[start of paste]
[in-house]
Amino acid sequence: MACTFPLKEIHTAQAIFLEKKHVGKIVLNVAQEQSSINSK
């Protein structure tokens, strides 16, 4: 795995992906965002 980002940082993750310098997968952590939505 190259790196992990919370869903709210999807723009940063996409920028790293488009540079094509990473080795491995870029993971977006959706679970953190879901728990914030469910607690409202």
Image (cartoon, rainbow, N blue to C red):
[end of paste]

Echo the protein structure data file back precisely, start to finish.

[in-house]
Amino acid sequence: MACTFPLKEIHTAQAIFLEKKHVGKIVLNVAQEQSSINSK
């Protein structure tokens, strides 16, 4: 795995992906965002 980002940082993750310098997968952590939505 190259790196992990919370869903709210999807723009940063996409920028790293488009540079094509990473080795491995870029993971977006959706679970953190879901728990914030469910607690409202």
Image (cartoon, rainbow, N blue to C red):